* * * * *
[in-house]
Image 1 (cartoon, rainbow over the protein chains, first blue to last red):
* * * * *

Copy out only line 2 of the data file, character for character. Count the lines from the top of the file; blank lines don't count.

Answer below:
Image 1 (cartoon, rainbow over the protein chains, first blue to last red):